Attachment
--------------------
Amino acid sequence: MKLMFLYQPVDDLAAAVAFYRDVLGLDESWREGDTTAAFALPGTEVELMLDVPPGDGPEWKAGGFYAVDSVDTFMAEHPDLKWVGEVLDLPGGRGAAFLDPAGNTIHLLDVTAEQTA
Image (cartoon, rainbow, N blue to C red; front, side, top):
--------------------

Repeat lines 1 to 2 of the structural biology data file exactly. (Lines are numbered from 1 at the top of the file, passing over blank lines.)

Amino acid sequence: MKLMFLYQPVDDLAAAVAFYRDVLGLDESWREGDTTAAFALPGTEVELMLDVPPGDGPEWKAGGFYAVDSVDTFMAEHPDLKWVGEVLDLPGGRGAAFLDPAGNTIHLLDVTAEQTA
Image (cartoon, rainbow, N blue to C red; front, side, top):